Pakistan, US to resume talks on drone strikes

Associated Press
FILE - This Jan. 31, 2010 file photo shows a U.S. Predator drone flies over the moon above Kandahar Air Field, southern Afghanistan.   U.S. and Pakistani officials say Pakistan's intelligence chief will head to Washington late this month to resume counterterrorism talks suspended over a deadly border incident last year that killed two dozen Pakistani troops.  (AP Photo/Kirsty Wigglesworth, File)

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WASHINGTON (AP) — Two generals turned spy chiefs are expected to sit down for their first official meeting in Washington later this month and try to mend the fractured U.S.-Pakistani relationship.

A long-sought U.S. apology to Pakistan over a deadly border incident cleared the way to restart the counterterrorism talks, with Pakistan's spy chief, Lt. Gen. Zaheerul Islam, set to meet CIA Director David Petraeus, at CIA headquarters in Virginia, U.S. and Pakistani officials said Tuesday.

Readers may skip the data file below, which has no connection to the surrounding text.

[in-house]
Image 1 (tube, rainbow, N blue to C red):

Neither side expects much progress.

Pakistani officials say Islam will demand CIA drone strikes stop, asking instead for the U.S. to feed intelligence gathered by the pilotless aircraft to Pakistani jets and ground forces so they can target militants.

U.S. officials say Pakistan has proved incapable or unwilling to target militants the U.S. considers dangerous, so the CIA drone campaign — considered the most effective tool in the U.S. counterterrorist arsenal — will continue.

The divergent views reflect the deterioration in U.S.-Pakistani ties over the last 18 months and the hardening of positions on both sides.

Yet each side is also signaling a willingness to improve some limited cooperation.